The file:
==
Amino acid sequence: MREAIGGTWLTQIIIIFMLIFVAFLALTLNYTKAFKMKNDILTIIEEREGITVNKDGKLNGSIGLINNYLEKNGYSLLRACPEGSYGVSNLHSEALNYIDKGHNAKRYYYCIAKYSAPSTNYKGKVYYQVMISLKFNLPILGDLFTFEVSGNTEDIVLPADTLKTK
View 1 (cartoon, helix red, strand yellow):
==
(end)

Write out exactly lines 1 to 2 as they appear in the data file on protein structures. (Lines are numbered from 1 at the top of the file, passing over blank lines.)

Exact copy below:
Amino acid sequence: MREAIGGTWLTQIIIIFMLIFVAFLALTLNYTKAFKMKNDILTIIEEREGITVNKDGKLNGSIGLINNYLEKNGYSLLRACPEGSYGVSNLHSEALNYIDKGHNAKRYYYCIAKYSAPSTNYKGKVYYQVMISLKFNLPILGDLFTFEVSGNTEDIVLPADTLKTK
View 1 (cartoon, helix red, strand yellow):